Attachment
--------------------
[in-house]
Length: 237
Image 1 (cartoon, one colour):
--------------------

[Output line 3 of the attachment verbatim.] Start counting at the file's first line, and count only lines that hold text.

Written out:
Image 1 (cartoon, one colour):